Genetically modified PC12 brain grafts: Survivability and inducible nerve growth factor expression

D. C. Rohrer, G. Nilaver, V. Nipper, C. A. Machida

Research output: Contribution to journalArticle

19 Scopus citations

Abstract

Neural transplantation of genetically modified cells has been successfully employed to reverse functional deficits in animal models of neurodegenerative disorders, including Parkinson's disease. While implanted PC12 cells secrete dopamine in vivo and can ameliorate dopamine deficiency in parkinsonian rat model systems, these cells either degenerate within 2-3 wk postimplantation (presumably due to the lack of neural trophic factor support at the site of implantation), or in some cases, form a tumor mass leading to the death of the host animal. To address these limitations, we have developed a genetically modified PC12 cell line that can synthesize nerve growth factor (NGF) under the control of a zinc-inducible metallothionein promoter. When implanted in the rat striatum and under in vivo zinc stimulation, these cells will neurodifferentiate, express tyrosine hydroxylase, and will undergo survival through potential autocrine trophic support. This regulatable cell line and general approach may provide additional insight on the potential utilization of cell transplants for treatment of Parkinson's disease and other neurodegenerative disorders.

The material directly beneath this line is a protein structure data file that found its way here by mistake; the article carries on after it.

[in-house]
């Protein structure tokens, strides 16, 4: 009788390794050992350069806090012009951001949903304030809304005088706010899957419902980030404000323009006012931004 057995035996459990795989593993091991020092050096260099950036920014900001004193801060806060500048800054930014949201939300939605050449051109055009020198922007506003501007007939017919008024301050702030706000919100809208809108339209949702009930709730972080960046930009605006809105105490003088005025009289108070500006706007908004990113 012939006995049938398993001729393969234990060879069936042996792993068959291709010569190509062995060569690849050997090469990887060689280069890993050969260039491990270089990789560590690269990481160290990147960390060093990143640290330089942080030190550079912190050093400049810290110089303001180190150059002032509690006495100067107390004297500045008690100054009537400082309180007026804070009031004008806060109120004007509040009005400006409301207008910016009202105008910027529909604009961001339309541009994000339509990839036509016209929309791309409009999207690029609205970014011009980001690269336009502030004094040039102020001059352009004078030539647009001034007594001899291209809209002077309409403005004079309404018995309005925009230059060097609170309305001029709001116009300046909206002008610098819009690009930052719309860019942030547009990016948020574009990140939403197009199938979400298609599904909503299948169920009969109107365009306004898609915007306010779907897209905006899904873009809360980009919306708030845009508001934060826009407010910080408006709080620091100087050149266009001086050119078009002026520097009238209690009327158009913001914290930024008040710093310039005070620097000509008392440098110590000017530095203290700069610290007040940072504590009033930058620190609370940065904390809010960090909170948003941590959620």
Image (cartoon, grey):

Original languageEnglish (US)
Pages (from-to)57-68
Number of pages12
JournalCell Transplantation
Volume5
Issue number1
DOIs
StatePublished - Jan 1 1996

Keywords

  • Brain grafts
  • Nerve growth factor
  • Neural transplantation
  • Parkinson's disease

ASJC Scopus subject areas

  • Biomedical Engineering
  • Cell Biology
  • Transplantation

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